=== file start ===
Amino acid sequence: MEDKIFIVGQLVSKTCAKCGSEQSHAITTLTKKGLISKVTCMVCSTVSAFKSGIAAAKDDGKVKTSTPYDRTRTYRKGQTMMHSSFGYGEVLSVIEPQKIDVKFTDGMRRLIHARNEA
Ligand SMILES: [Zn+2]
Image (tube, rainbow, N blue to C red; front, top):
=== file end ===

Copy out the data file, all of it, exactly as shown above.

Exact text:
Amino acid sequence: MEDKIFIVGQLVSKTCAKCGSEQSHAITTLTKKGLISKVTCMVCSTVSAFKSGIAAAKDDGKVKTSTPYDRTRTYRKGQTMMHSSFGYGEVLSVIEPQKIDVKFTDGMRRLIHARNEA
Ligand SMILES: [Zn+2]
Image (tube, rainbow, N blue to C red; front, top):